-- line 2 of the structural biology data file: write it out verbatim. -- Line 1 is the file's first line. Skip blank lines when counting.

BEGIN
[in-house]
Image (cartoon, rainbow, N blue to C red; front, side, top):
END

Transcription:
Image (cartoon, rainbow, N blue to C red; front, side, top):